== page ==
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Almost all the Best Picture nominees for BAFTA and the Oscars are about White men, existential angst in toe (à la Joker). The exceptions are Once Upon a Time in Hollywood (on Sharon Tate, played by Margot Robbie) despite the mainly White-male-Cast, and Little Women. Whiteness prevails, irrespective of the gender, and intersectionality continues to be an inconvenient myth. Though, Cynthia Erivo picking up an acting nomination for Harriet has not gone unnoticed. But at this point, throughout the main categories, it just feels like Erivo being nominated is a “you should be grateful” tokenistic handout.” to the Black community “Yes, you can have this one.” One in, one out.
The Oscars did better than BAFTA, but by the skin of their teeth. Whilst BAFTA nominated Parasite for Best Picture, they also nominated Margot Robbie and Scarlett Johansson twice. And like the rest of Britain’s institutions, why shouldn’t BAFTA be bludgeoned with the tag of institutional violence? Why shouldn’t it be whacked with “racist”, “elitist” and “misogynistic?” In a year that gave us Portrait of a Lady on Fire, Atlantic and The Souvenir, there is really no excuse for this level of discrimination.
Racism to British culture is what to America is to apple pie. So, you really don’t have to think very hard why Black British and British Asian talented actors go to Hollywood for better opportunities when their own country treats them abominably. What’s more, Britain is miles behind the States as far as representation is concerned. And in a bold, almost-colonial move of Englishness, BAFTA asked Cynthia Ervio to perform, despite not being nominated for her performance as Harriet Tubman, nor any nominations going to Harriet director Kasi Lemmons (Eve’s Bayou).
Though, not really impressed with Greta Gerwig’s Little Women, and certainly letdown by Joker, I was impressed by The Irishman. Yet, when diversity does not directly impact you, it is possible to have a passive approach to it. i.e White, straight men. When most people in positions of power look like you (and you hire in your own image), it’s not something you notice, nor have to have an interest in. It in fact benefits your sociopolitical power and “whiteness” to not do diversity work.
Britain’s track record of stepping over minority groups is well-documented (i.e Grenfell) and as long BAFTA continues on this path, institutional violence will have a place in British society, no matter if we’re talking about screen media or criminal justice. When whiteness runs fluid, implicit bias cannot be denied and this goes to the very top of all of Britain’s institutions.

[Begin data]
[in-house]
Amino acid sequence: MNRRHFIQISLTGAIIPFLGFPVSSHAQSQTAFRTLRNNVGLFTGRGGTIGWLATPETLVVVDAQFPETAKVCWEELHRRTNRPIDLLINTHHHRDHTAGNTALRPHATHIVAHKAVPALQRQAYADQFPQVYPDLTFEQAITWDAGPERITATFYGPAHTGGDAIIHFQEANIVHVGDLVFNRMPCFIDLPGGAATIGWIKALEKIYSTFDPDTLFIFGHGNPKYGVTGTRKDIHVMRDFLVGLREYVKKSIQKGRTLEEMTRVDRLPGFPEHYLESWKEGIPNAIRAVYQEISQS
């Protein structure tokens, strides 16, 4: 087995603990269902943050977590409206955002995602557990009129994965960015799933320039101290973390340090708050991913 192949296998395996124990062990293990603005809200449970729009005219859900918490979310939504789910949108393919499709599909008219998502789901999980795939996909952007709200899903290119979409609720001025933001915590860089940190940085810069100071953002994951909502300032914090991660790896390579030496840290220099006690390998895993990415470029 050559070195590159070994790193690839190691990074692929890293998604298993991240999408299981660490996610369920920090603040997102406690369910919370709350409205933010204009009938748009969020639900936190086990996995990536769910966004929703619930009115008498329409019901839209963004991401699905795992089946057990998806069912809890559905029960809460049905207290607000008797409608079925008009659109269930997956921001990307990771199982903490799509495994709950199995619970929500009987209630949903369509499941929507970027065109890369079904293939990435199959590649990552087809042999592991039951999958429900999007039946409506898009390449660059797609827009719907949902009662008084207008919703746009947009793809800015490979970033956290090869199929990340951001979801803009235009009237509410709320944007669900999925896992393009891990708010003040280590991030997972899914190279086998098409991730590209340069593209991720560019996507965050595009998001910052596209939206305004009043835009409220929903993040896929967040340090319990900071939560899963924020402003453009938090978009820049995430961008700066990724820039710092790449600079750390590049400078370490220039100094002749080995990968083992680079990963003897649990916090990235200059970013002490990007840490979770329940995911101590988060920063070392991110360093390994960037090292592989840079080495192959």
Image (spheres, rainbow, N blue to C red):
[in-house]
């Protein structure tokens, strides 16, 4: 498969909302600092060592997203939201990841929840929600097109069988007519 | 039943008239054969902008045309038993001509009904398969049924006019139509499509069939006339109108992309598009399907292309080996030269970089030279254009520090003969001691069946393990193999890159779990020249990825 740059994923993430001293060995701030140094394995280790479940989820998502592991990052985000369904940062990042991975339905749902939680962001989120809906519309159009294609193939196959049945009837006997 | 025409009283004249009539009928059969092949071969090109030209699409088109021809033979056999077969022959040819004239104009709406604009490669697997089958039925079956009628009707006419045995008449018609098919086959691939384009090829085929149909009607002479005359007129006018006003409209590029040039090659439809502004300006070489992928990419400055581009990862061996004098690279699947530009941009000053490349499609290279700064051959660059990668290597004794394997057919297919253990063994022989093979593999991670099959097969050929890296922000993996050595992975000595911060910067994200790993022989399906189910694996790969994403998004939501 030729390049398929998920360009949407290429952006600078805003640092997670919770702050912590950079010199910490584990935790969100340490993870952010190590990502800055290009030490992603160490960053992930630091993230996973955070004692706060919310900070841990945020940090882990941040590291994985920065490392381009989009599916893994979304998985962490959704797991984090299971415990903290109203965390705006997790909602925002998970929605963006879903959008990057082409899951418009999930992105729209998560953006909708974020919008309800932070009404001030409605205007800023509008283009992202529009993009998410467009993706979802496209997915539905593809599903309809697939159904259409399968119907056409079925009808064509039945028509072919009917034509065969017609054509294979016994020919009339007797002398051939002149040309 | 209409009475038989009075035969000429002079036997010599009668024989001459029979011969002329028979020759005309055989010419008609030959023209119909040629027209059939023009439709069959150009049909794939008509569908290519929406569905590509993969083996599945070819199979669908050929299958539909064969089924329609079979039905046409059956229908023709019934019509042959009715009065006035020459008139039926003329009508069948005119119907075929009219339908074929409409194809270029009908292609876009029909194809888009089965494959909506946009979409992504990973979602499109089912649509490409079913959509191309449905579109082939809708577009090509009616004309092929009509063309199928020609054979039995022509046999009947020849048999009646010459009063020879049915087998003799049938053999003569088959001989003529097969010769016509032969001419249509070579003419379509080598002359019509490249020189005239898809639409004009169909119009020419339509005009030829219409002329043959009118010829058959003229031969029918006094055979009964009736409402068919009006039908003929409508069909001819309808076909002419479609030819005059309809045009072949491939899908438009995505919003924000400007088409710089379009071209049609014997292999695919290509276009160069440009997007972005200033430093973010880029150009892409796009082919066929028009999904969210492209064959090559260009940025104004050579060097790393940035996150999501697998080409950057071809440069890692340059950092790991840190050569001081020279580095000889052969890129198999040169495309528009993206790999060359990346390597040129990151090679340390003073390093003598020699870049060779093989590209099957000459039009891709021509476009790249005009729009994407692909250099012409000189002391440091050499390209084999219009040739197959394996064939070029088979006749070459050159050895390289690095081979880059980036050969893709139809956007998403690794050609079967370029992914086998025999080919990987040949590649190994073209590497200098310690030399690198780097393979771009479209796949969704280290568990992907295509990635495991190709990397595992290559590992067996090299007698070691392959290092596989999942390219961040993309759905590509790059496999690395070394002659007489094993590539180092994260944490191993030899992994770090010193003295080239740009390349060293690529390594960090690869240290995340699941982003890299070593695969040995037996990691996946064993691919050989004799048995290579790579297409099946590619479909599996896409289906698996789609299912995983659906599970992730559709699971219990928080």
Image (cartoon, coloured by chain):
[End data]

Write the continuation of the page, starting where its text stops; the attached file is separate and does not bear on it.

This being the seventh year in a row with no women (since Kathryn Bigelow, 2013) confirms that BAFTA is structurally misogynist and racist; and Britain’s national conscience’s denial of its historic and contemporary institutional violence, is just the latest example of why the decolonisation movement is bigger than just the education sector.
After reading a blog by History’s Drew Grey on ‘Racism, Diversity and Contested Histories: Some Reflection on Christmas Just Past’, I began to think about my favourite television genre (by some distance), the Period Costume Drama. Reading his post took me back to when I saw David Olusoga presenting Black and British for the first time on the BBC, but more specifically his monologues about mixed-race families in Georgian Britain. Whilst Drew’s post boasts diversity in the latest adaptation of A Christmas Carol (based on the Charles Dickens story) by Peaky Blinders‘ Stephen Knight, diversity in the Period Drama fanbase is a contentious discussion.
His post reminded me of my dissertation where I was looking at my roots. Finding myself. Lost in my race-identity politics, it feels like a decade ago reading Reni Eddo-Lodge’s Why I’m No Longer Talk to White People About Race for the first time. A text that colleague and blogger @paulaabowles calls “a machine gun,” (with a smirk). It’s simply relentless. However, it was David Oyelowo’s quote in the Radio Times that’s stayed with me ever since.
“We make period dramas [in Britain], but there are almost never any black people in them, even though we’ve been on these shores for hundreds of years. I remember taking a historical drama with a black figure at its centre to a British executive with greenlight power, and what they said was if it’s not Jane Austen or Dickens, the audience do not understand.” – David Oyelowo (in Eddo-Lodge, p55)